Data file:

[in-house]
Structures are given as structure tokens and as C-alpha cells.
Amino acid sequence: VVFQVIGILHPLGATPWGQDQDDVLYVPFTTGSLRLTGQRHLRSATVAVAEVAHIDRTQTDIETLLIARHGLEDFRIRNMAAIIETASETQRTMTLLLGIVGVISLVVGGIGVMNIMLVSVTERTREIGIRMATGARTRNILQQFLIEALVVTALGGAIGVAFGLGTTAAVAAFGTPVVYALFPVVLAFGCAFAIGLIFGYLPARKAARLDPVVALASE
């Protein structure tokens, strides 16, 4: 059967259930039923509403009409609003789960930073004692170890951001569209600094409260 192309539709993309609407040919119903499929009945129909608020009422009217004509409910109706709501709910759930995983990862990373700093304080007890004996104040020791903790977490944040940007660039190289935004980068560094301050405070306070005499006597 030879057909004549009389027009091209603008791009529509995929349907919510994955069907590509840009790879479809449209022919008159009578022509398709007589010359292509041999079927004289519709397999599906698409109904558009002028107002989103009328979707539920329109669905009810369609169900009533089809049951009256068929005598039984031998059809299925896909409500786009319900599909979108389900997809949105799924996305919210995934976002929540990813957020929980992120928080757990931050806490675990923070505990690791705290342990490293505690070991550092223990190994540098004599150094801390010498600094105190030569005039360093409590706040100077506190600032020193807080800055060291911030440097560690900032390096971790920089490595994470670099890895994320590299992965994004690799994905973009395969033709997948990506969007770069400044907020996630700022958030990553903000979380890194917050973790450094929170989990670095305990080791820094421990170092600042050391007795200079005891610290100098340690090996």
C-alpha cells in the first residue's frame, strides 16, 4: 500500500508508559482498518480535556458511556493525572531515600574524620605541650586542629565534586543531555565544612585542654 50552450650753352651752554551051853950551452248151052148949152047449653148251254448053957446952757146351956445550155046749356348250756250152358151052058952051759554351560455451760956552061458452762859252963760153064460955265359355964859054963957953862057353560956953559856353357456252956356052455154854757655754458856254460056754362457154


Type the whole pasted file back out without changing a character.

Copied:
[in-house]
Structures are given as structure tokens and as C-alpha cells.
Amino acid sequence: VVFQVIGILHPLGATPWGQDQDDVLYVPFTTGSLRLTGQRHLRSATVAVAEVAHIDRTQTDIETLLIARHGLEDFRIRNMAAIIETASETQRTMTLLLGIVGVISLVVGGIGVMNIMLVSVTERTREIGIRMATGARTRNILQQFLIEALVVTALGGAIGVAFGLGTTAAVAAFGTPVVYALFPVVLAFGCAFAIGLIFGYLPARKAARLDPVVALASE
């Protein structure tokens, strides 16, 4: 059967259930039923509403009409609003789960930073004692170890951001569209600094409260 192309539709993309609407040919119903499929009945129909608020009422009217004509409910109706709501709910759930995983990862990373700093304080007890004996104040020791903790977490944040940007660039190289935004980068560094301050405070306070005499006597 030879057909004549009389027009091209603008791009529509995929349907919510994955069907590509840009790879479809449209022919008159009578022509398709007589010359292509041999079927004289519709397999599906698409109904558009002028107002989103009328979707539920329109669905009810369609169900009533089809049951009256068929005598039984031998059809299925896909409500786009319900599909979108389900997809949105799924996305919210995934976002929540990813957020929980992120928080757990931050806490675990923070505990690791705290342990490293505690070991550092223990190994540098004599150094801390010498600094105190030569005039360093409590706040100077506190600032020193807080800055060291911030440097560690900032390096971790920089490595994470670099890895994320590299992965994004690799994905973009395969033709997948990506969007770069400044907020996630700022958030990553903000979380890194917050973790450094929170989990670095305990080791820094421990170092600042050391007795200079005891610290100098340690090996």
C-alpha cells in the first residue's frame, strides 16, 4: 500500500508508559482498518480535556458511556493525572531515600574524620605541650586542629565534586543531555565544612585542654 50552450650753352651752554551051853950551452248151052148949152047449653148251254448053957446952757146351956445550155046749356348250756250152358151052058952051759554351560455451760956552061458452762859252963760153064460955265359355964859054963957953862057353560956953559856353357456252956356052455154854757655754458856254460056754362457154